Radiculopathy (aka pinched nerve): pain, numbness, tingling or weakness due to pressure on a nerve in spine.
Radiculopathy is the word used to describe pain, weakness, tingling and numbness caused by nerve root irritation. Nerve roots are the bases of nerves as they branch off the spinal cord and through the foramen to connect to different parts of the body. The nerves also send signals to the brain to create sensations.
Radiculopathy is usually caused by disc herniation or degenerative changes to the spine that put pressure on nerve roots. Radiculopathy can be felt on either or both sides of the body, depending on the cause. For example, the abnormal spinal curve created by scoliosis can compress the nerve roots on one side of the body.
When the roots of the nerves are compressed, it causes muscle weakness, pain and numbness in the area connected to the affected nerves. For example, if nerves were being compressed in the cervical section of the spine, the patient would feel pain and numbness in the arms and upper chest. With lumbar radiculopathy, radiating downward pain from the back to the feet, called sciatica, is commonly a symptom. Thoracic radiculopathy is often mistaken for shingles, as it causes pain that goes from the middle of the back to the chest. Hypersensitivity to touch can also be a symptom of radiculopathy.
To diagnose radiculopathy, a physician will review a patient's medical history, asking about the location and type of the symptoms to help determine if a nerve root is being affected. A physical exam will follow, focusing on range of motion and flexibility, as well as muscle strength, sensation, and reflexes to determine what nerve root is being compressed.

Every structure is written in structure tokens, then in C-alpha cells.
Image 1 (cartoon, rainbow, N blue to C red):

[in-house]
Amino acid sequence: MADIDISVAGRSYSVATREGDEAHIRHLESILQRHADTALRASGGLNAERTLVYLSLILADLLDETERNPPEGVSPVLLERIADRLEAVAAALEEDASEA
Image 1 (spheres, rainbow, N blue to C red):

To verify the diagnosis, several tests may be needed. An X-ray will be performed first, which can help identify the presence of trauma or osteoarthritis, as well as early signs of infection or tumor growth. A CT scan or an MRI may follow. A CT scan can show the amount of space nerve roots are allotted by the foramen, or openings in the vertebrae of the spine. An MRI scan can best reveal the location and extent of nerve compression because it is designed to show the soft tissues around the spine, including discs, ligaments and nerves.
Symptoms can often be relieved by conservative treatments like anti-inflammatory medication, physical therapy, and rest. Bracing may be prescribed. Most patients respond well to this treatment, with symptoms improving from six weeks to three months. However, if there is evidence of nerve damage or if symptoms fail to improve over time, surgery may be needed to remove pressure from the spinal roots. The procedure needed varies according to the source of the nerve root compression and its location in the spine.